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Sayles campaign still owes $24.5K out of $36K spent
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LATHROP - Kristy Sayles finished ahead of her contender in the November 2008 mayoral elections but not just in the ballot count.

Copies of the candidates’ campaign disclosure statements released this week also showed that she led not just her challenger, Councilman Robert Oliver, but the rest of the pack in campaign expenses.

And based on the figures she submitted at City Hall, she won another two-year term as mayor but with an outstanding debt of $24,475.96 that remains to be paid by her Kristy Sayles for Mayor campaign. Her total contributions for the calendar year 2008 showed a total of $10,977 and her total expenditures at $36,464.16.

During the period from Oct. 19 to Dec. 31, 2008 alone, Sayles received $8,297 in contributions.

Sayles reports in her form 460, which is the Campaign Disclosure Statement, that she received a total of $8,297 in cash contributions during the period from Oct. 19 to Dec. 31, 2008. The total includes $8,297 in cash received and a $2,500 loan made out to her Kristy Sayles for Mayor campaign from the Early Start Child Development Center business she owns and operates out of her home. Her campaign actually received two loans from her business, with the first loan totaling $3,000.

The single largest expense in her campaign came from Strategic Research in Stockton, the political consultant that Sayles hired which launched the blitz of controversial flyers mailed to all residents and businesses in Lathrop. The negative tenor of the flyers, which primarily targeted rival Oliver and then-council candidate Steve Dresser in a negative light, caused one of the biggest furors during the highly contentious campaigning in the days leading up to the Nov. 4 elections. In addition to the flyers, Strategic Research also utilized phone banks in Sayles’ campaign.

The $18,200.98 tab for Strategic Research is the largest unpaid bill in Sayles’ campaign report. The others are Boss Business Systems in Stockton which still has to collect $3,824.98 from Sayles’ campaign committee. The third outstanding balance of $450 is to The Rush Publications owned by Lathrop real estate broker Frank Cavaco, a good friend of the mayor.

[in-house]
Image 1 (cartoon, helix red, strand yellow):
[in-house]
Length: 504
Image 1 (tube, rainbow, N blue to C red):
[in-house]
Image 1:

Oliver trailed Sayles in total campaign expenditures by nearly $10,000. But he is in far better position than the mayor in terms of outstanding debts. Oliver’s campaign owes just $1,281.19. Like Sayles, Oliver who is a retired educator and minister, also loaned his campaign some money - the sum of $2,400.

The biggest contributors to Sayles’ campaign include AKF Development in Manteca which gave $2,000. The Grupe Company and F&M Construction of Stockton each gave $500. The largest donation came from Ornellas for Supervisor 2008 which gave $2,500.

Oliver’s biggest campaign contributors were Ron and Susan Dell’Osso who gave $1,000. Three supporters gave $500 each - High Five Plaza (Amarjit Khinda) of Lathrop, Joe’s Texaco Service (Dalwinder Dhoot) also of Lathrop, and Crepac (Central Valley) of Los Angeles. Joe’s Truck Wash (Jito Kaur Birring) of Lathrop gave $250.

Then-Council member Martha Salcedo, who was appointed vice mayor after the elections, spent only $2,146.11 to finish first among the five who ran. Her report showed she spent just $2,146.11 for her campaign which includes a $1,358.67 loan she made to her campaign which is listed as her outstanding debt.

But the candidate who arguably ran the most effective campaign strategy was Christopher Mateo who finished second to Salcedo and earned him his first elected stint on the council. Mateo said his campaign was financed by just $600, all of which came out of his pocket with about half of that spent on mass-mailed flyers that he himself made. He did not receive any campaign contribution, said the US Navy veteran and retired postal clerk.

“Not a single cent from anybody,” he said with a small laugh.

His campaign, he said, was powered mainly the old-fashioned way - pounding the pavement.